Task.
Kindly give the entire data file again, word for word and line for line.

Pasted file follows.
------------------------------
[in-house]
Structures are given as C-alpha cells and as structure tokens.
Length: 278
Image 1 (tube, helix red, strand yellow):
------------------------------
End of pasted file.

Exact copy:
[in-house]
Structures are given as C-alpha cells and as structure tokens.
Length: 278
Image 1 (tube, helix red, strand yellow):